D’oh… 1968 felt wide-open, but a reader points out that, of course, the Democratic nominee was Johnson’s VP.

So, let’s see when was the last election with no sitting president or veep as the nominee: 2004 Bush, 2000 Gore, 1996 Clinton, 1992 Bush, 1988 Bush, 1984 Reagan, 1980 Carter, 1976 Ford, 1972 Nixon, 1968 Humphrey, 1964 Johnson, 1960 Nixon, 1956 Eisenhower… there we go, 1952, Eisenhower vs. Stevenson. 

Though maybe that gets an asterisk, since both Truman and his VP, Barkley (then 75), were in the race for awhile.  So: 1948 Truman, 1944 Roosevelt, 1940 Roosevelt, 1936 Roosevelt, 1932 Hoover, 1928… OK, 1924, Hoover vs. Smith.

The next earlier case was the previous election, 1920: Wilson was incapacitated and his VP, Thomas Marshall, wasn’t interested, nor interesting to others.  Apparently Marshall liked to tell a joke about a woman with two sons: one ran away to sea, the other was elected vice president… neither was heard from ever again.

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A few people— yes, really— have been asking me about the elections.  And for sure, 2008— which we’ve been enjoying for about a year now— has been an unusually entertaining election season, since both parties are wide open.  Counting sitting veeps as closed, if I’m counting right, we haven’t had that since 1968.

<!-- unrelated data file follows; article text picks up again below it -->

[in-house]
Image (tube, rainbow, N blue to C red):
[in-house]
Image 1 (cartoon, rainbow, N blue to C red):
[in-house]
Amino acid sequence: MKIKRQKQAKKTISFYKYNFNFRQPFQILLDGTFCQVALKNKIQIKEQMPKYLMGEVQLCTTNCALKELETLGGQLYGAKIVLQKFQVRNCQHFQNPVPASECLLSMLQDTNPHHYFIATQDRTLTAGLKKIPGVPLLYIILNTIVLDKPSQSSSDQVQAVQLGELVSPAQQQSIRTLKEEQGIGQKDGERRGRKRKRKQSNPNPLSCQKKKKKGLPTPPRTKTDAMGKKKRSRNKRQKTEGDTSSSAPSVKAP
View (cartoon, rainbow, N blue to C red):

The Republican side is the most fun to watch since I don’t have a dog in that race, and they’re playing it for laughs anyway— cleverly, they’re all running as George Bush.  

In a couple of weeks, though, I’ll have to choose between Hillary and Obama.  At least this year it feels like we’re voting early enough for it to mean something.  I’ve been leaning toward Obama, partly because he’s a sturdy son of the Illinois soil (well, he is now), partly because I think we could use someone who actually inspires people, partly because he seems to have a good grasp of the limits of office.  Democrats have this terrible tendency to nominate smart, wonky, extremely capable people with all the warmth of a junior high science teacher.  The reedy kind with a bow tie.  Confidential to DNC: It doesn’t work. 

I was put off by some of Paul Krugman’s recent editorials, which lambaste Obama’s health care plan and his naïveté about bipartisanship.  Hillary is certainly sensible.  Also smart, wonky, and extremely capable.  

A New Yorker profile this week suggests that she’s also very personable in private (didn’t we hear that about Al Gore too?), more concerned for people than Bill ever was, and tough enough to fight the Republican attack machine.  But she’s also their favorite target, and they’ve had 16 years to perfect their attacks on her.  Nominating her would rejuvenate the Republicans.   I don’t think she’d be a disaster as president, but she would certainly be a hard sell as a nominee.